On Friday, 17th March, President Muhammadu Buhari assented to the constitutional amendment made to Paragraph 14, Part II, Second Schedule to the 1999 Constitution. Given the national focus on the recent elections and the general misunderstanding of how Nigeria’s electricity is structured, regulated and operated, Nigerians, especially proponents of “fiscal federalism” and “restructuring”, will be forgiven for not recognising this watershed moment and its far-reaching implications.
So, first, what was amended? The enactment of laws for the electricity sector has been a concurrent legislative responsibility for the past 44 years since the promulgation of the 1979 Constitution. Paragraph 13 of the 1979 Concurrent Legislative List provided, amongst other things, that the National Assembly may make laws for the federation with respect to “the generation and transmission of electricity in or to any part of the federation and from one state to another state…” Paragraph 14 went on to provide that a House of Assembly may make laws for the state with respect to “the generation, transmission and distribution of electricity within that state.”
In plain words, the 1979 Constitution empowered states to enact laws to create electricity markets within their territories. Practically, however, this was just seven years after the nationalisation of the sector in 1972 by the federal military government with the establishment of the National Electric Power Authority (NEPA) to take over the assets and operations of the both the Electricity Corporation of Nigeria that operated in the South and the Niger Dams Authority, which owned and operated the Kainji hydroelectric dam in Northern Nigeria.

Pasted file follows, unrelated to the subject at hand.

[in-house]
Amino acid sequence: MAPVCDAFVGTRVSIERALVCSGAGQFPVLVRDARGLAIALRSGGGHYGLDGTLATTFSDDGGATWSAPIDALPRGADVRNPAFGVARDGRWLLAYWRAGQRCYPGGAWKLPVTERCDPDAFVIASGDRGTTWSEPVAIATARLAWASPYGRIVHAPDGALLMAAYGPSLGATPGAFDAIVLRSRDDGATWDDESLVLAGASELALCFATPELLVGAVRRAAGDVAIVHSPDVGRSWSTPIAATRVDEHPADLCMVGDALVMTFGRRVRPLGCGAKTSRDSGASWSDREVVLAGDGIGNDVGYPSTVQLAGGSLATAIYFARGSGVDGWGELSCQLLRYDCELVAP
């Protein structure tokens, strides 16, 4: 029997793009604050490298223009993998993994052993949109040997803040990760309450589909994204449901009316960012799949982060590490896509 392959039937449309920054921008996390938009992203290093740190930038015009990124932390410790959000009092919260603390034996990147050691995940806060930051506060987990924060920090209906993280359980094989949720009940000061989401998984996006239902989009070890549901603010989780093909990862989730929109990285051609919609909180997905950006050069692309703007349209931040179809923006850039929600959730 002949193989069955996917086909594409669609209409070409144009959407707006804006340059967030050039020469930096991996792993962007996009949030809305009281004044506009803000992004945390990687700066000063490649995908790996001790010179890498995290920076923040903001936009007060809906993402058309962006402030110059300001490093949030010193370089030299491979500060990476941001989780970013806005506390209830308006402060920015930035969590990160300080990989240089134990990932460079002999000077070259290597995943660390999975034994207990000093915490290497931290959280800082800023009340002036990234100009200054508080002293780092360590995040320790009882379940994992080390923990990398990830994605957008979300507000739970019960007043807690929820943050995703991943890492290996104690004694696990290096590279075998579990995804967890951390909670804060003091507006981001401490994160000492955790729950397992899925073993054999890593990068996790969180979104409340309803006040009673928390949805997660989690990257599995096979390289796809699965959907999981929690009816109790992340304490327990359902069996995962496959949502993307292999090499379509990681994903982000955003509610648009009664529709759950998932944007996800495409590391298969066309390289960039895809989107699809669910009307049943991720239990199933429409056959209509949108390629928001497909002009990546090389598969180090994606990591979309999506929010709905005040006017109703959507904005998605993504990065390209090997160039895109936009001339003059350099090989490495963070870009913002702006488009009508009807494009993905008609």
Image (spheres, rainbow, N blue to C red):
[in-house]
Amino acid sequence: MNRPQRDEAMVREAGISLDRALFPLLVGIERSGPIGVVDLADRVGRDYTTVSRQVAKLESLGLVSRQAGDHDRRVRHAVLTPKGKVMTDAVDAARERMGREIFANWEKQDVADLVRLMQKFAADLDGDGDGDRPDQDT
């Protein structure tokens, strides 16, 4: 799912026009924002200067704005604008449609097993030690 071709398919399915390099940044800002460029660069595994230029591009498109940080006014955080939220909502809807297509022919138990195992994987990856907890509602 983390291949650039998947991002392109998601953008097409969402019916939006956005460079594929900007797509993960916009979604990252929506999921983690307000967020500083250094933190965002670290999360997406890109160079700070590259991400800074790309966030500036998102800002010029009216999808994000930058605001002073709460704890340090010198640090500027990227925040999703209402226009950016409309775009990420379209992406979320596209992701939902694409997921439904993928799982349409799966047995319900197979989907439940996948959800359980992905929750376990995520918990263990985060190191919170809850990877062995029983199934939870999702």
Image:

Emerging from 13 years of unitary military rule, with almost the entire electricity sector workforce being federal employees (except for a few states like the old Kano and Mid-West States that had Rural Electrification Boards (REBs)) and no private sector experience whatsoever, with the banking sector having no project finance capability at the time, and with the private sector itself still very much fledgling, it is no surprise that none of the 19 states at the time bothered to take up the idea of creating electricity markets in their territories.
At best, they copied the examples of the Kano and Mid-West States’ REBs and concentrated on locating small oil-fired generators and low voltage reticulation in a number of towns and villages in their territories.